Seven Exchanges Hold Crypto Assets worth $25bn

Seven Exchanges Hold Crypto Assets worth $25bn

Crypto exchanges holding large amounts of Bitcoin saw a significant increase in their reserves. Coinbase, for example, holds 1 million Bitcoin worth $8.4 billion.

Although several hacks took place in 2019, crypto users are still holding huge amounts of digital assets.

In a recent report, Chainalysis has indicated that crypto hackers became smarter. “2019 saw more cryptocurrency hacks than any other year. But of the 11 attacks that occurred this year, none of them came close to matching the scale of major heists such as [2018]’s $534 million Coincheck hack.”

In 2019, the crypto firms lost nearly $283 million due to malicious hacks.

Malicious hacks in 2019 – Source:

Huobi took the second position with 462,000 Bitcoin worth $3.8 billion and 1.8 million Ethereum. Meanwhile, Binance ranked third with approx. 307,000 Bitcoin and 2.6 million Ethereum. It was followed by Bitfinex with 290,000 Bitcoin, then Bitmex with 274,000 Bitcoin, Bitstamp (242,000 Bitcoin).

Ranking of crypto exchanges in terms of digital assets – Source:

There are other companies that hold huge digital assets such as Bitflyer and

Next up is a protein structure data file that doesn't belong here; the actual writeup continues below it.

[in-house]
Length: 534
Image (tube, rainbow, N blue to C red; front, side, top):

It is worth mentioning that, with the rapid spread of cryptocurrency and blockchain technology in all fields, the need for regulation is an ever-increasing necessity. However current regulation efforts may present too much of a constraint that may hinder growth for the still new sector.

The EU 5th Anti-Money Laundering Directive (5ALMD) came into effect on January 10. The new law, which was first introduced on July 9, 2018, is considered as an effort to bring increased transparency to financial transactions for pushing back against money laundering and terrorist financing across Europe.

The 5ALMD will give European financial regulators increased access to information via centralized bank account registers. According to a 5ALMD fact sheet, it will also tackle terrorist financing risks linked to anonymous use of virtual currencies.

However, crypto companies in the EU are struggling to meet the guidelines set by the new law. Cryptocurrency firms are to register with local authorities and obtain information about the source of funds from their users. Extensive practices like know-your-customer (KYC) and anti-money laundering (AML) are encouraging a number of firms to shut down their operations in the EU and move overseas.

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Rabea Maguid 551 Articles
Rabea Maguid is a journalist completely obsessed with crypto industry. He holds B.A. from Al-Azhar University, and has a background in journalism and economics. Rabea Maguid likes to think about the future in a positive way, and sees blockchain as a potential driver of deep societal change.